If New York voters are wondering whether there will be a Republican primary for governor, the answer at this point is most likely "yes."

And if voters are wondering whether the primary could be a heated one, look no further than the exchange between Republican gubernatorial hopeful Andrew Giuliani and veteran election law attorney John Ciampoli. 

Giuliani on Friday appeared at a state Board of Elections hearing that ultimately recommended he be approved for the statewide ballot. But minutes into the meeting in which Ciampoli, representing rival Republican Lee Zeldin's campaign, began challenging Giuliani's petition signature, gave way to this exchange.

"It seems like you're wasting our time and the state's time, Mr. Zeldin's counsel," Giuliani said. Ciampoli shot back, "Well, I've got no problem wasting your time." 

And if New Yorkers are really wondering if the gloves are off, look no further than the statement from the Zeldin campaign soon after, accusing Giuliani of election law violations.

"Floundering in polls that have Congressman Zeldin beating Andrew Giuliani by over 30 points, while Giuliani may be eager to put on his next clown show in a courtroom, Congressman Zeldin is interested instead spending next week and beyond traveling across New York meeting voters as he’s been doing for the past year of this campaign," a campaign spokeswoman said. "It is impossible to outwork him."

Republican officials in New York — from state Chairman Nick Langworthy to local members of the state Assembly — believe this year is their best chance in a generation to recapture the governor's office, ending a 20-year statewide election drought in a very blue state. 

Voters are increasingly concerned about public safety and crime, and a plurality of voters in a Siena College poll this week said they would prefer a generic "someone else" instead of giving Gov. Kathy Hochul a full term. Her handpicked lieutenant governor resigned amid corruption charges, and Democrats are squabbling over whether to remove him from the ballot.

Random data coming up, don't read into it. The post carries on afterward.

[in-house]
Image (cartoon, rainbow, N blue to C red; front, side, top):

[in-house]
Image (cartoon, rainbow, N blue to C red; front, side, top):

Further boosting Republican hopes down ballot, the Democratic-drawn maps for the U.S. House and state Senate were rejected as unconstitutional by the state Court of Appeals this week. 

Hochul faces U.S. Rep. Tom Suozzi and New York City Public Advocate Jumaane Williams in a party primary. 

But a primary is likely looming for Republicans as well. Giuliani's petitions passed the hearing on Friday, and so did those of former Westchester County Rob Astorino. The party's nominee for governor in 2014, Astorino is now running as an outsider after Zeldin secured the overwhelming majority of the party's delegates at the February convention. 

"To earn this in the democratic manner that we have rather than be the product of a backroom deal somewhere in this town, it feels pretty good," Giuliani said after the hearing. 

Giuliani said he's eager to hold multiple debates with his fellow Republican candidates, but singled out the Zeldin campaign for the challenges. 

"These are Cuomo tactics, we're overcoming them, we continue to overcome them. He's going to have to debate us in June," he said. 

Insurgent primaries can be successful. The last was in 2010, when businessman Carl Paladino defeated former U.S. Rep. Rick Lazio in a gubernatorial nominating contest. 

The full state Board of Elections must still grant final approval for Astorino and Giuliani early next week. But the weeks of challenges were met with withering critiques from Republicans running for governor. 

"Congressman Zeldin is basically wasting an enormous amount of time and money and resources fighting the will of 90,000 Republicans who signed these petitions in aggregate who wanted a primary just to protect himself as a candidate," said businessman Harry Wilson, the latest entry into the race. 

The petitioning process is a complicated and costly one for candidates running for office in New York unless they receive a state party committee's official designation. Wilson, who is using his own fortune to fund his campaign, says it's a process that needs to change.  

"Why do we have that system?" Wilson said. "It's a protection mechanism for insiders."